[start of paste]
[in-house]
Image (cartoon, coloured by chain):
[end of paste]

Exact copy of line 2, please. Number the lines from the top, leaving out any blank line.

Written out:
Image (cartoon, coloured by chain):